- Radiator cap
- Tire tread
- Brakes – pad thickness, fluid level, lines
Anything that doesn’t look right during an inspection should definitely be put to rights before you go out. Along with that, you should make any necessary adjustments to the following:
- Tightening nuts and bolts
- Tire pressure
- Fluid levels
Keeping your UTV clean might seem like a luxury, but it can help keep the body in good condition over time. You should also be checking to see if any of these items need to be cleaned before you take off.
- Air filter
- Fuel filter
More Complex DIY
Repair and maintenance items start to get more complex when you have to do more than just look at something. Changing fluids and other items aren’t harder, necessarily, but they do require more time, effort, and know-how.
Oil changes involve changing the filter and fluid and work very similarly to the way it’s done in a car. You’ll need two to three quarts of oil, which is less than you’d use in a car so don’t overdo it.
Coolant flush and change will take an hour or two. You’ll need about two quarts to top it back up.
Brake fluid should be flushed and replaced in the front and rear brakes, as well as the clutch. Don’t mix fluid types when you go to add the new stuff.
Replacing items takes a bit more knowledge and finesse, but can be done by most people. With all of these, the harder you drive your UTV, the more often they need to be done.
Spark plugs should be done per the manual’s schedule. If you run across a plug that has corroded, you have a bigger problem that might require a mechanic. You’ll need a feeler gauge to get the gap right for this repair.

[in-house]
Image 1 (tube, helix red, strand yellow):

Check your belt regularly for proper tension and wear like glazing and cracking. When you notice any of that, replace the belt. You want to do it before it fails.
When you replace your brake pads, you should also bleed the brake system and replace the fluid. It’s not a difficult project, but some drivers like to leave it to the professionals for safety reasons.
Jobs for Your Mechanic
Anytime the words “replace” or “rebuild” start to enter the equation, it might be time to involve a mechanic. An experienced mechanic can finish the job much faster than you and should have all the tools needed to do the work.
You can learn to do any of these yourself if you feel so inclined. But a quick look at jobs that might be more appropriate for a mechanic might include:
- Top-end rebuild
- Carb overhaul
- Clutch replacement
- Shock rebuild
- Water pump seal replacement
- CV boot and/or joint replacement
- Chain and sprockets replacement
- Change tires
More On UTV Maintenance
Taking care of your UTV means years of enjoyment and reduced risk of problems out on the trail. The basic UTV repair types discussed in this article should be things you can tackle before you have to start searching for “UTV repair near me”. Learning how to do basic UTV repairs can save you headaches when you ride and money as well.
Check out our other articles about UTV maintenance and repair for more tips on taking care of your vehicle.